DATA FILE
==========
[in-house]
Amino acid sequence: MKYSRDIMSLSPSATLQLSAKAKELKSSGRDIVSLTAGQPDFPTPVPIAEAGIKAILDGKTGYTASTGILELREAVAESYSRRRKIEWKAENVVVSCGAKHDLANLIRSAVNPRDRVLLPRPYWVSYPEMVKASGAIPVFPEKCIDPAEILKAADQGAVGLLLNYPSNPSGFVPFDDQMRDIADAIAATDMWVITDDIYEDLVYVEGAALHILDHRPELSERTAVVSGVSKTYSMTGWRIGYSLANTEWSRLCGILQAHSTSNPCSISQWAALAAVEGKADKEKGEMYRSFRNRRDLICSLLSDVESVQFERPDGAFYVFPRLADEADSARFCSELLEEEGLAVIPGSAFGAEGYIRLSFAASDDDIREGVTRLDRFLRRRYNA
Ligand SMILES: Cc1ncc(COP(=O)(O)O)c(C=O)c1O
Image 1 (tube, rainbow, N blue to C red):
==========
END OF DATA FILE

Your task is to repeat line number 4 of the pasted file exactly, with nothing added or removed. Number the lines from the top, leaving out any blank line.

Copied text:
Image 1 (tube, rainbow, N blue to C red):